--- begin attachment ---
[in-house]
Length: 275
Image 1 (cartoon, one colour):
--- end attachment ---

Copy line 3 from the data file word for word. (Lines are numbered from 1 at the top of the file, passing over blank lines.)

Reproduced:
Image 1 (cartoon, one colour):